Pregnancy Ambivalence: Still Not Sure
Despite recent reports which suggest that millennials are dropping the ball when it comes to procreating and home ownership, the future does not depend on your uterus or investment decisions. It’s absolutely all right if you, like most 20-somethings, are still stumbling through life. And not just when it comes to your job, your education, your love life, or where you want to live, or what show you want to Netflix and chill to this Friday night—every aspect of your life is yours to decide.
Not knowing if you want to have a child (or another child, for the parents reading this) is not the end of the world. Let me repeat: It's ok if you’re unsure about wanting to have children now, three years from now, or at all. If societal pressures have you feeling guilty or confused about delaying pregnancy and not being sure about parenting, here are a few things to keep in mind:
1. You’re not alone.
Between 1 in 4 and 1 in 5 women in the U.S. report that they would be okay either way regarding getting pregnant. In the same study, 53% of men and 52% of women said they would like to be parents now “if things in their life were different.” Even among those who say it is important to them to avoid pregnancy right now, 20% of women and 43% of men say they would be at least a little pleased if they found out today that they or their partner were pregnant.
2. And that's OK.
As a leading national organization that works to ensure all women and men—regardless of who they are or where they live—have the power to decide if and when to become parents, we’re saying that it’s all right not to know if you want to grow your family. There are plenty of reasons to want to get pregnant—and plenty of reasons not to. And you know what? They are all valid.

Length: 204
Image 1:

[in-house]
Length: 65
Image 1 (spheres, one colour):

Pregnancy doesn't happen in a vacuum. Personal experiences and interactions with racism, poverty, and trauma impact how we feel about pregnancy, sex, dating, and sometimes even love. Not to mention, crippling student debt crisis, police brutality, questionable policies, and melting ice caps are all reasons enough to make us want to think twice about pregnancy.
3. Living your best life.
Certainty isn’t a prerequisite for living your best life. You can be empowered and confident that each and every day you are becoming a better version of yourself—without knowing for sure if you want to grow your family. Choosing to be present in this current moment, and planning for your right now is just as valid as future planning. There are still things you can do to take care of yourself so that no matter what you choose or what happens, you are in the best possible position to do what works for you. Self-care is a radical act of love—of which you are worthy.
So, in this “I’m actually not sure” phase, as you finesse those “when are you going to have another” and “when am I going to become a grandma” questions, find solace in knowing that you’re not alone. Get on a method that has your back, and continue to fight for a world that you’d be happy to raise your kids (or nieces and nephews or puppy) in.